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2020 NFL season projections: Chances to make Super Bowl, win division, land top draft spot, more

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Chiefs take top spot in 2020 preseason rankings (1:46)

Trey Wingo details the NFL's top teams in the latest preseason FPI rankings Numbers Crunch heading into the season. (1:46)

The Kansas City Chiefs are still on top.

Several long months after defeating the San Francisco 49ers in the Super Bowl, Kansas City enters the 2020 NFL season as both the best team in the league and the Super Bowl favorite, according to ESPN's Football Power Index (FPI).

FPI is our prediction model for the NFL. Preseason ratings are based on each team's Las Vegas win total; last season's performance on offense, defense and special teams; the number of returning starters; coaching staff changes; and starting and backup quarterbacks. FPI produces team rankings and season projections, which we're unveiling for the 2020 season for the first time here. Here are some of the bigger takeaways from our 20,000 FPI season simulations -- and jump to the bottom to see the full listing of FPI rankings for all 32 teams.

Super Bowl favorites | New AFC East champ?
Strength of schedule | A new playoff format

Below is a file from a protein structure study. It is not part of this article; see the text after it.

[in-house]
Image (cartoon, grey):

2021 NFL draft projections

Four chalky favorites, but then a surprise

Buoyed by what FPI considers to be easily the best offense in football, the Chiefs are more than a touchdown better than an average NFL team and more than a point better than the second-best team in the league, the Baltimore Ravens. That strong rating fueled the Chiefs to a 21% chance to win the Super Bowl, which makes them the second-largest preseason favorite since we began projections in 2015, behind only the 2017 New England Patriots (32%). The Chiefs were our preseason favorite last season too, with a 15% chance to win it all.

None of that is a shock. After quarterback Patrick Mahomes put in another strong season and led the Chiefs to the Lombardi trophy last season, Kansas City's offense is as sure a bet to be elite as you can have in the NFL. Because offense is more predictable from year to year relative to defense, the model has confidence that the Chiefs will be one of the best teams -- if not the best team -- in the league this season.